GM plans car without a steering wheel or pedals for 2019
Cruise, General Motors' autonomous vehicle unit, plans to mass produce a self-driving car without a steering wheel or pedals by 2019, the company said on Thursday. It says it has submitted a safety report as well as an application to regulators to approve the design, its fourth-generation model.
Caveat: Though 2019 is a year away, only seven states currently allow for driverless cars, and Cruise's home state of California is in the process of passing a bill to allow for this. It has also applied for needed exemptions to federal regulations.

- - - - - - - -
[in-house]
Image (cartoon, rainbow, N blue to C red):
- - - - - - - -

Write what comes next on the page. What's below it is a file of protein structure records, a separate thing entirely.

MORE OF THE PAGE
The car: Along with the omission of driver-centric features, Cruise's next-generation car is designed for ride-hailing passengers in mind. Riders will be able to summon one via a mobile app and adjust settings like interior temperature.
Competition: Cruise has several competitors, most notably Waymo, Alphabet's self-driving car unit. Waymo has been working on self-driving cars since 2009 and has been testing its cars in a few locations, including a pilot test program in Arizona it debuted last year.
- Cruise employees have been testing summoning rides from in San Francisco. However, it's not clear what Cruise's future plans are, besides its plan to make the new car available sometime in 2019. So far, Cruise isn't doing the kind of small-scale pilots being undertaken by its self-driving car rivals.